1. Greater than the Don?
The Don saw in the God, his own self. The reclusive genius once famously remarked, “I saw him (Sachin) playing on television and was struck by his technique, so I asked my wife to come look at him. Now I never saw myself play, but I felt that this player is playing with a style similar to mine, and she looked at him on Television and said yes, there is a similarity between the two...his compactness, technique, stroke production... it all seemed to gel.” The compliment could not have been greater.
Okay, the question of the “Don vs. the God”may be ludicrous. But remember, while the Don played majorly against one country, Sachin matched wits against 9. The Don did not have to single-handedly carry on his shoulders the burden of a 1.2 billion cricket crazy nation at an incredibly young age. The Don did not have to play all three formats of the game, plus a commercial nonsense called IPL. Those days LBW rules were different. Also technology could dissect the game of every cricketer threadbare. I guess Hanif Mohammed, the legendary opener, settled the argument when he said, “I have seen both Bradman and Tendulkar bat in my lifetime; and in my opinion Tendulkar is the best batsman I have seen in my life”. True, Bradman is rarer than “one in a million,” but of Tendulkar it must be said, “He is the One.”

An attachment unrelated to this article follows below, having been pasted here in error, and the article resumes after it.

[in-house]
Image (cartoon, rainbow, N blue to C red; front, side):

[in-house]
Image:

2. Sheer longevity
24 years is a long time to be playing top flight international cricket. That someone can do that with distinction, without a breath of scandal is breathtaking. That’s why Sachin Tendulkar is our all time favorite. The Time magazine memorably captured the longevity: “When Sachin Tendulkar travelled to Pakistan to face one of the finest bowling attacks ever assembled in cricket, Michael Schumacher was yet to race a F1 car, Lance Armstrong had never been to the Tour de France, Diego Maradona was still the captain of a world champion Argentina team, Pete Sampras had never won a Grand Slam, Roger Federer was a name unheard of, Lionel Messi was in his nappies, Usain Bolt was an unknown kid, the Berlin Wall was still intact, USSR was one big country, Dr. Manmohan Singh was yet to “open” the Indian economy”. Put more simply, when he came, the Gulf War hadn’t yet happened and when he leaves America would have elected an Afro-American as President twice. 50% of India’s population was born after Sachin debuted.
3. Gravity defying performer
When he hit 100 hundreds, when he scored a ODI 200, Sachin Tendulkar did to cricket what Roger Bannister had done to the world of athletics by running the mile under 4 minutes. He had won the mind game. For sure, someone else will hoist their own flag at cricket’s version of Mt. Everest. Sehwag already did that to Mt 200; but it’s Tenzing Norgay whom we remember because he along with Edmund Hillary proved, “Yes We Can.” He is the top scorer both in the testing Test matches and the equally grueling one-day games. Can you imagine Usain Bolt winning the marathon and the 100 m dash at the Olympics. Spanning different countries, different continents, different generations, he was really and truly legendary. To get a feel of that consider that no man has bagged a tennis grand slam in the Open Era.